DERBY, N.Y. (WIVB)- A jump in a snow bank last December changed Andrew Mangan’s life forever.
“I was in bed, the phone rang, and it was Andrew. And he said ‘Mom something bad happened,'” Andrew’s mom Martha told News 4.
That something bad was the fracture of his C5 vertebra.
The Canisius High junior hit something hard when he jumped into the snow, he’s still not sure what.
The injury paralyzed him from the chest down.
“The most immediate thing I realized was that I couldn’t feel any temperature. I couldn’t feel the cold snow,” the Andrew, 17, told News 4.
The avid skier and member of the Canisius High School rowing team was rushed to ECMC.
“All my family came in within a week, and right away they started researching where the best centers were.”
The Mangans ended up in Denver, Colorado at Craig Hospital, which specializes in spinal cord injuries.
For months, Andrew celebrated little victories; raising a finger or lifting an arm.
Eventually, he was walking again.
“Throughout my recovery my older brothers kind of put me through the boot camp. They’d push me when sometimes I’d want to stop or take a break,” he said of his brothers.
Andrew’s rowing teammates also served as a source of motivation, he told News 4.
As with many spinal cord injuries, doctors couldn’t tell Andrew exactly when he’d be better, or even if he’d be better.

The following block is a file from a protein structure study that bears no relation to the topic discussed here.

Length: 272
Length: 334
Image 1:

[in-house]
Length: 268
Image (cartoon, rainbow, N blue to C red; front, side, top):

Martha said it was Andrew’s positivity that kept the entire family of eight going.
“That was really important throughout it all because he never looked back. So he was kind of the drummer boy and we followed him.”
The Mangans are an athletic family, and for years they’d talked about rowing in a regatta together, all eight of them.
After Andrew’s accident, and and his recovery, they decided this year was the year.
His older siblings flew in from around the country, and ‘The Mangan Eight’ hit the water for the annual ‘Head of the Charles’ Regatta in Boston Oct. 22.
“Once we realized we were going to, we’d be able to finish the race, the entire family took in the moment,” Martha said.
After three miles of rowing, that finish line was more than the end of a race; it was the start of a new chapter, one Andrew said he always knew would come.
“It just kind of both proved to myself and to the SCI community as a whole that a lot of these injuries aren’t permanent. You can come back from them, and whether you have a full recovery or a partial recovery, it’s kind of just your outlook on it.”
Andrew, who still trains every day, plans to return to the crew team at Canisius this spring.
Since his injury, he’s started a website called Connecting the Resilient, where people can share their personal stories with spinal cord injuries.
Each spinal cord injury is unique, and doctors will provide medical guidance to their patients, but Andrew said having a place to share triumphs and struggles has been a helpful outlet for many.
For Andrew, pushing himself to move and stay active during his recovery proved successful. He shares exercise tips and training techniques with other SCI patients. Several patients and their families have reached out to the Mangans through the site.